And – don’t miss the Daytona Beach Drive-in Christian Church. Yes, it’s an old drive-in movie theater remade into a church.

Thursday, October 23, 2003


Compare the following two articles from The Daytona News-Journal – one on Biketoberfest ("Officials, participants laud annual event") , the other on the Cher concert ("Cher Fan: Beating Goes On At Concert") . Apparently drunk middle-aged women caused more problems in Daytona than drunk bikers. Go Figure.

Monday, October 20, 2003


Sure am glad we planned our trip to start on the last day of Biketoberfest, not the first. Based on the number of motorcycles and bikers still here, this place would have been unbearable last week. Between 60,000 and 100,000 bikers were expected for the four-day festival.

Links of interest:

Rue & Ziffra, P.A. are "attorneys for bikers".

And, sadly, an URL I spotted on a truck in Daytona,, as far as I can tell, has nothing to do with the law. It's just a bike shop. Maybe they are implying that they are "illegal" bikers.

Sunday, October 19, 2003


From "See Daytona Beach" :

"A new law in Volusia County stipulates that it is now illegal to sunbathe next to your car. Due to limited parking spaces, sun worshipers are only allowed to tan in front of or behind their car – but not on either side."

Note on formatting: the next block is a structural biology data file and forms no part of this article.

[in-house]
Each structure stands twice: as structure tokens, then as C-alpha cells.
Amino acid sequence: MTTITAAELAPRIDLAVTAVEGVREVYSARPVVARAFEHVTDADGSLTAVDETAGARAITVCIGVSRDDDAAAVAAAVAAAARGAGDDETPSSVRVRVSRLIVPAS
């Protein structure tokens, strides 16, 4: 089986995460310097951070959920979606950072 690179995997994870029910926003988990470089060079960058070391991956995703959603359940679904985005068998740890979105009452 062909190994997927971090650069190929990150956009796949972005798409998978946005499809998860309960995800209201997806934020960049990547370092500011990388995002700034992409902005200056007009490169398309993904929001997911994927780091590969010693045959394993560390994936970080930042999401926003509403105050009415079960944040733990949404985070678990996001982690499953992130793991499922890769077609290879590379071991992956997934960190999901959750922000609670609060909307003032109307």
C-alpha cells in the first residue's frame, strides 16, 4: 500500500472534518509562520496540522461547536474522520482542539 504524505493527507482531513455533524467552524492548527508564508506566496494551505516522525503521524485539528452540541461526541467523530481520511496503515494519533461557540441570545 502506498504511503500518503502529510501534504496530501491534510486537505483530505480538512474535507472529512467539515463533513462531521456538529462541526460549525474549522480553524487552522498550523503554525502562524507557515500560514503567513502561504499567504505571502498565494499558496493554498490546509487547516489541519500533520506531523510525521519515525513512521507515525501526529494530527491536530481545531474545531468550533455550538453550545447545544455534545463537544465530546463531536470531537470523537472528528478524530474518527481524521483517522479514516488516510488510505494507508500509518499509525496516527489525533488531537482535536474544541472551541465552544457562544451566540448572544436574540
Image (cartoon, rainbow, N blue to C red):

Friday, October 17, 2003


Next week we will be headed for a much-needed family vacation to Daytona Beach, Florida. So I don't expect I will be able to blog while I'm gone, but I will have a lot to say when I get back. We will be there on the tail end of Biketoberfest. This is not by design. Ironic, three things that my husband dislikes with a passion are: Harley-davidson motorcycles, NASCAR, and golf.

This week I have done several things that I have not done since lawschool: stayed up half the night to work on a brief, refer to the principle of contra proferentem, cite to the Restatment (Second) of Contracts (fondly known as "R2K"), and use my well-worn Bluebook.

Tuesday, October 07, 2003


A study which appeared in a recent issue of Pain Management Nursing indicates that music can "reduce the sensation of labor pain and delay the emotional distress that may accompany childbirth". According to HealthDayNews, the study notes that better pain management during labor may speed a woman's recovery after childbirth and improve the mother-infant relationship. See article here.